Project based learning (PBL) is defined by Wikipedia as:
A student-centered pedagogy that involves a dynamic classroom approach in which students acquire a deeper knowledge through active exploration of real-world challenges and problems.Students learn about a subject by working for an extended period of time to investigate and respond to a complex question, challenge, or problem.
Students have direct involvement in what they learn and are often more engaged in their learning through PBL. “Learning by doing,” was an idea that John Dewey himself discussed over a hundred years ago, so the idea of PBL is nothing new. Research even suggest the benefits of PBL for learners;
Research shows that learners not only respond by feeding back information, but they also actively use what they know to explore, negotiate, interpret, and create. They construct solutions, thus shifting the emphasis toward the process of learning. Introduction to Project Based Learning
Even with all this research, years understanding and knowing that learners benefit from PBL, hundreds of schools are still using testing, route learning and direct instruction on a daily basis. I recently watched the movie Most Likely to Succeed, discussing this very topic of innovative schools that use PBL as their main source versus the standard form of education.
After watching the movie, and with all of this week’s readings, I just could not understand why education is so slow to change when PBL seems so obviously successful. But as I read what Dr. Seymour Papert wrote in his study on PBL I began to realize why the more schools do not use PBL more. First of all, Dr. Papert said, “first thing you have to do is to give up the idea of curriculum. Curriculum meaning you have to learn this on a given day. Replace it by a system where you learn this where you need it” (Seymour Papert: Project Based Learning).
Giving up curriculum is a scary concept for policy makers, superintendents and even for educators, many who may be too nervous of what unknowns can happen. Suzie Boss states is best in her article, Perfecting with Practice: Project-Based Teaching
In project learning (PL), plans that look spectacular on paper can go awry when students enter the picture. During the implementation phase, students may decide to head in directions their teacher never anticipated. Tensions can build if teams don’t understand what it means to collaborate or share responsibility for project success. Creative problem solving can start to feel like classroom chaos. This is when the art of project-based teaching makes all the difference.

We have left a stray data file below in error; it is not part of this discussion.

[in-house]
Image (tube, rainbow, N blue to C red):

Many new teachers, and some veteran teachers who are comfortable with what they have been doing for years are fearful of chaos and not knowing what may happen. I myself, who began teaching (and still do teach many subject areas) with curriculum become a little nervous about the idea of giving up curriculum.
Recently, I have had a little more freedom to dabble in PBL (yet still with standards and main objectives) and it was incredible to see what even five year olds were capable of. Our recent science unit was a unit about movement, pushing and pulling. We allowed the children opportunities to experiment with different things that move and how they move while discussing the force needed to push or pull the items in different directions. It was very interesting looking at all the different types of ramps and tools the children used to see how they move! They came up with far more than I had even thought about. As their final assessment, the children had to make a toy that can be pushed or pulled and share it with the younger students. It was a log of fun to see how creative everyone was and how well they presented their toys for the younger students to play with.
I read the final project ideas and am still struggling what I may do. We have a unit coming up titled “stories my grandparent’s tell” to discuss past and present as well as an introduction to needs and wants. I am trying to think of a way to make it more project based (interviewing grandparents, researching the past, etc.) I will have to continue to think about that more in order to make the unit more project based and not so teacher directed.